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Sri Lanka data incident: ransomware attack hits government

A cyber disaster that could put national security at risk

The Sri Lankan government suffered a major cyber attack that compromised over 5000 email accounts due to outdated software. Backup servers were also compromised, making data recovery difficult. The government will not pay ransom to attackers.

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The Sri Lankan government recently disclosed a major data loss incident involving over 5,000 email accounts from May to August 2023. According to authorities, the root cause of this incident was a cyber attack , specifically a ransomware variant. Unfortunately, the situation was further exacerbated by the fact that backup servers were also compromised, making data recovery an extremely difficult undertaking.

Outdated and vulnerable software

The Information and Communication Technology Agency of Sri Lanka (ICTA) identified the main cause of this incident as the use of outdated software, Microsoft Exchange 2013, which is no longer supported by the company. This outdated software had been installed on the Lanka Government Network (LGN), a critical network used by key government entities such as the Cabinet Office, presidential officials, the Ministry of Education and the Ministry of Health. The implications of this major data breach could prove disastrous, given the sensitivity of the data involved.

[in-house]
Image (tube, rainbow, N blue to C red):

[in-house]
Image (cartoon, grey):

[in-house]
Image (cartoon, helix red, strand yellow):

Financial problems and delays in updates

According to Mahesh Perera, CEO of ICTA, all Gov.lk email accounts were compromised by the malware attack, which was first discovered on August 26 this year. While he didn't specifically characterize this as a software update failure, he suggested that necessary revisions to Microsoft Exchange services had been delayed since 2021. Unfortunately, the update plans had been stalled due to financial constraints in the budget government and global economic challenges faced by the country.

Refusal to negotiate with the attackers

Perera clarified that the Sri Lankan government has no intention of negotiating or paying any ransom to the perpetrators of the cyber attack. In other words, no extortion requests will be considered. At the moment, there is still no official confirmation on the identity of the attackers, although an unofficial source suggested attributing the incident to the LockBit Ransomware or the Russian-speaking BlackCat crime group. Importantly, this incident occurred against a backdrop of high inflation and depreciation of the rupee in Sri Lanka, further exacerbating the challenges facing the country.

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09/11/2023 12:45

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